Granting agencies usually have a list of requirements in order to apply for a grant (“eligibility requirements.”) Most also have a list of factors they judge in rating proposals (“evaluation criteria.”) Frequently they also have a list of requirements once you get the grant (“compliance requirements.”) These requirements help assure the grant maker that recipient organizations will fulfill the grantor’s goals to the fullest.
In this blog series, we are going look at some of the less obvious grant eligibility requirements. We’ll also suggest possible ways to learn about and meet certain eligibility requirements.
Truly Hidden Requirements
The most difficult hidden requirements to meet are those that never appear in the guidelines. One of our clients once received a rejection notice explaining that organizations in their first year are not likely to be funded. Sure would have been nice to know that before developing the proposal! Another client met four of six stated priorities, but was turned down in a letter saying these four were not the top two priorities. Yet the guidelines did not prioritize the priorities. (This was a federal grant, so we contacted the local US representative about the inequity. The congressman was similarly upset and did contact the funding agency, which didn’t help the client but may have improved the proposal guidelines the next round.)
Sometimes the only way to learn of these hidden priorities is to get rejected and read the feedback. But if you are able to develop a relationship with the funding organization (some like to do this; others don’t), it may help to ask if you should be aware of any other considerations beyond those publicized. Another way to determine unadvertised de facto requirements is to review lists of previous winners. Trends or commonalities among past recipients are good indicators of what’s important to the funding agency.
Examples of obvious eligibility criteria include grantee organization type (municipality, school, non-profit), geographic restrictions, and alignment with funder’s priorities. Quite often mature funding programs will list what types of efforts they will or will not fund. Less common eligibility factors may include demographics of the applicant’s board or staff, demographics of the target population, longevity of the organization (mentioned above), history of funding from the proposed or other funding sources, limits on partnering organization, any past or pending legal actions, any lobbying efforts, and more. In the space of a blog, we can advise to be alert for all such requirements. They may appear in a concise list in the guidelines, and some may be sprinkled less conspicuously throughout the document.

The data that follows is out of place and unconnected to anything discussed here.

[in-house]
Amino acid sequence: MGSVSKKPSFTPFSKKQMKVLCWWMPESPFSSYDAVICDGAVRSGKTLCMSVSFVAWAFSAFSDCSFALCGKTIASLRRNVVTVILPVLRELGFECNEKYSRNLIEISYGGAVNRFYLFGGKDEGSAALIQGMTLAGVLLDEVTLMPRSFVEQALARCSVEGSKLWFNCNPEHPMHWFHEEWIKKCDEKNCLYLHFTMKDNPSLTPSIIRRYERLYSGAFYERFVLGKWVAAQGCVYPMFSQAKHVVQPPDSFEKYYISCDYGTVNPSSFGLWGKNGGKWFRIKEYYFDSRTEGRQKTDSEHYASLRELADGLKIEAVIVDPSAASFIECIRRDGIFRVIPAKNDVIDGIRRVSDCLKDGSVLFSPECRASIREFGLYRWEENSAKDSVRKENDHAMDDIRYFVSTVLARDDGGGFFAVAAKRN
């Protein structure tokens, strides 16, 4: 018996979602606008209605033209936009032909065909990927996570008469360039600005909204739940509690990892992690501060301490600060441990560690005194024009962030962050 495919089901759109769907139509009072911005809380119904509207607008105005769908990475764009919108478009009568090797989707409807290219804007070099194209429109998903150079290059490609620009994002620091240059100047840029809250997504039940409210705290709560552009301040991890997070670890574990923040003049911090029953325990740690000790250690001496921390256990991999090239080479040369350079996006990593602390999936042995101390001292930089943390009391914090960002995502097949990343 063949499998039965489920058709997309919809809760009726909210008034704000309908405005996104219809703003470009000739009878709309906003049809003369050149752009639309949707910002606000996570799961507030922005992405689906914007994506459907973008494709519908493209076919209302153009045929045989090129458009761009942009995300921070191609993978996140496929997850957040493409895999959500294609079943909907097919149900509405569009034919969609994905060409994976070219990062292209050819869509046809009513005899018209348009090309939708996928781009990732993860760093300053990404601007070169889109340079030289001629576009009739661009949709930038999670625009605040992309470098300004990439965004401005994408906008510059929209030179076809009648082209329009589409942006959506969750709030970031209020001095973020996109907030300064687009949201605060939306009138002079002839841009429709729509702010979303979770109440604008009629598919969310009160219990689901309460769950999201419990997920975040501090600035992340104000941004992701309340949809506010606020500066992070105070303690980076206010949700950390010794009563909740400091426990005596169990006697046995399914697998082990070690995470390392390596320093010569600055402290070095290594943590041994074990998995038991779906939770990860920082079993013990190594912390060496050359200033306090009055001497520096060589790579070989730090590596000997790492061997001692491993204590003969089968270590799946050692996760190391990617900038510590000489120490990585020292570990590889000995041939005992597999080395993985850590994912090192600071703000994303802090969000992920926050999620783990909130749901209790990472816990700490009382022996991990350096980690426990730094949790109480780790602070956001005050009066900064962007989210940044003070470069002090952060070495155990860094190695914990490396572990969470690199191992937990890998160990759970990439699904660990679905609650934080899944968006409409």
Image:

As for type of organization, quite often a bona fide partnership, where different organizations do indeed jointly perform proposed activities, allows any one of the entities to serve as lead fiscal agent. If you are interested in applying for a grant but are not among the organizational structures funded, you may consider leveraging a partnership with an organization that does meet the eligibility criteria, and having them serve as lead. If you need to develop such partnerships, it may be worth the time investment to do so.
Sometimes a funder has a recipient in mind but posts a public request for proposals in order to meet competitive requirements. These proposals are often worded to give the preferred recipient a strong advantage. We call them “wired” proposals. Detecting wired proposals is worthy of its own blog, and indeed will be the next in the series.
Alignment with Funder’s Goals, Mission, and Priorities
Ideally, the printed evaluation criteria in a Request for Proposals (RFP) reflect the goals and priorities of the funding organization. However, extensive proposals may have goals and priorities interspersed throughout the request for proposal In a large federal proposal recently, we reviewed the RFP for a client and listed over a dozen key areas to address, drawn from many difference sections of the guidelines (Mission, Need, Goals, Evaluation, Impact, and others). The subsequent proposal was funded, over a million dollars.
Even if a priority is not reflected explicitly in the evaluation criteria, it is important to the funding organization. Scour the guidelines for keys and hot buttons, and respond to them clearly in your proposal.
Funders often require matching support for a proposed project as a way to demonstrate the applicant’s investment and capabilities in the project. Any matching requirements are usually spelled out in the proposal guidelines. The “hidden” part may come in the form of what can be included as a match. Money is an obvious form of match. Less obvious forms include the value of space, facilities, advertising, materials and supplies, administrative costs, and volunteer support. Funding agencies differ on what they do and don’t allow as a match. For example, some agencies smile on matching funds from other institutions, while others don’t. Some US government grants disallow matches from other federal sources.
Make sure your proposed matches are acceptable, either by adhering to written guidelines where available or by direct contact with the funding organization.
We’ve already written a couple blog articles on matching funds:
The first one suggests possible sources for matching funds. The second one discusses ideas for what you can include as a match.
Stay tuned for more
In the next article of this series, we’ll talk about detecting “wired” proposals. Following that, we’ll discuss reporting, administrative, and financial requirements that might not be obvious in the guidelines, but that could hamper your ability to compete effectively for an award, or manage the award once funded.
We’d love to hear your questions. Please email or comment with any areas you’d like to see covered in our blogs.
Photo Credit: tec_estromberg